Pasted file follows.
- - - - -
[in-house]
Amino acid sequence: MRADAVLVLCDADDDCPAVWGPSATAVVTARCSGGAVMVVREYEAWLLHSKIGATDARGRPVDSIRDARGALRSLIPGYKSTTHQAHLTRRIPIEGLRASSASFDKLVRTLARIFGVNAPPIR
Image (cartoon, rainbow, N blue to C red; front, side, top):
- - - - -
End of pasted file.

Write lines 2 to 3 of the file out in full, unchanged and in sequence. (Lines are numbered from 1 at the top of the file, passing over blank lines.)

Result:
Amino acid sequence: MRADAVLVLCDADDDCPAVWGPSATAVVTARCSGGAVMVVREYEAWLLHSKIGATDARGRPVDSIRDARGALRSLIPGYKSTTHQAHLTRRIPIEGLRASSASFDKLVRTLARIFGVNAPPIR
Image (cartoon, rainbow, N blue to C red; front, side, top):